Each of these chapters of Volume 1 of Origins and Lives is dedicated to a different branch of the Crafton family arising from one of James and Keren-happuch Crafton’s nine children. Each such chapter describes the life of that particular son or daughter and the lives of that person’s children and grandchildren. The goal is to move beyond genealogical information and to provide as much biographical information as possible on each individual. Biographical information for these chapters has been derived from censuses; birth, death and marriage records; deeds, wills, estate inventories, tax records, court orders, chancery cases and military service records. In 1850 the federal government began to gather detailed information about individual farms like never before. In some cases, these non-population census schedules and those related to slave ownership are also employed. This information is used to describe the farming activities of some of James and Keren-happuch’s descendants and, where possible, the driving forces behind some of these descendants' emigration from Virginia.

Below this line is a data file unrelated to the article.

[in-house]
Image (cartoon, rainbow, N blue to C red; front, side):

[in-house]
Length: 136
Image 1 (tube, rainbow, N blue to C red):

As John Donne said “No man is an island entire of itself.” Thus an important basis of the biographies within Origins and Lives is the social network of each Crafton descendant. Volume 1 frequently examines ties of kinship, friendship, marriage and commerce to understand the lives of these people.

The decision to include all members of the Crafton cousinage – females as well as males – in Origins and Lives has been and is a difficult challenge. If there is one factor more than any other that has delayed production of Volume 1 it is this. Owing to the legal and social status of women throughout most of the 19th Century, records involving female Crafton descendants are often scant and in some cases non-existent. Of the more than 400 Crafton descendants covered in the book, 51% are male and 49% female. In that regard this work has done well in recognizing the ranks of women in the Crafton cousinage. However, the level of information available about female Crafton descendants is usually far less than that for their male cousins. For instance there are more females than males whose presence is implied by census and other records yet whose names are not known.